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Purdue University. Army ROTC


biographical statement

As a land grant university, Purdue has been required to teach military tactics since its founding. Purdue’s first Professor of Military Science and Tactics, Civil War veteran Dr. Harvard Wiley, was appointed in 1876. Despite offering classes on military tactics, Purdue didn’t have an organized military structure until 1888, when 1st Lieutenant Pickering was appointed by the Army as Professor of Military Science at Purdue. Under Pickering, the first Corps of Cadets was formed at Purdue, consisting of 76 infantrymen and 16 artillerymen. The Corps’ equipment at the time consisted of 100 Springfield rifles and 2 cannons.

Beginning in 1891, Purdue required all male underclassmen to undergo mandatory military training, as had been stipulated in the Land Grant College Act (Morrill Act). In 1902, Captain Ira Reeves was Professor of Military Science at Purdue, and began reorganizing the then 419-man Corps. His final structure included two battalions of infantry, one battery of artillery, a company of engineers, a signal corps detachment, a hospital corps detachment, and a 40-piece band. It was also around this time that the Purdue artillery became part of the Indiana Militia.

In June 1916, Battery B of the Indiana Field Artillery, which included the Purdue artillery battery, was called up for service in the Mexican Border War by president Woodrow Wilson. They were stationed in Llano Grande, Texas until September 28, 1916, when they were recalled to Indiana and left federal service.

In 1919, following standards set by the 1916 National Defense Act, Purdue reorganized its Corps of Cadets into a Reserve Officers Training Corps (ROTC) specializing in Field Artillery. The 1541 cadets that were part of the program at the time were reorganized into five artillery regiments and a 25-piece band.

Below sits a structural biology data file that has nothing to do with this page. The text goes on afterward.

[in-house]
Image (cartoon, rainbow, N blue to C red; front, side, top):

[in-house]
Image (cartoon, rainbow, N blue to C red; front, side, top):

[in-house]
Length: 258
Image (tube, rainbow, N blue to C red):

By 1924, Purdue had 1214 cadets, twelve French 75mm cannons, and three 155mm howitzers. Enrollment peaked in 1941, when there were 2354 cadets at Purdue. Between World War One and World War Two, 1/8 of all Reserve Artillery officers were trained at Purdue ROTC.

From 1946 to 1949, Purdue ROTC added additional course offerings to Field Artillery, including Ordinance, Air Corps, Transportation, Engineering, Signal, and Chemical branches. The Air Corps program would later develop into Purdue’s Air Force ROTC program.

In 1966, enrollment in the Purdue ROTC became optional for underclassmen. Women were allowed to enroll in the ROTC beginning in 1973. Purdue won the MacArthur Award for best ROTC unit in the nation in 1989 and 1997.


"Purdue University Army ROTC History," Purdue Army ROTC website, accessed February 6, 2024.

Found in 1 Collection or Record:

Lloyd E. Keck scrapbook

 Collection — Box: 1
Identifier: MSA 303
Scope and Contents The Lloyd E. Keck scrapbook documents the academic, military, personal and social activities of an Engineering student while on Purdue University's campus from 1936-1939, as well as various aspects of his life prior to college from 1917-1936. Keck titled the scrapbook, "Scraps and Snaps, May 27, 1917 - August 1, 1939," but most of the content is from his time at Purdue, 1936-1939.The scrapbook contains many unique photographs of campus and events from the 1930s. Some of the events...
Dates: 1917 - 1939; Majority of material found within 1937 - 1939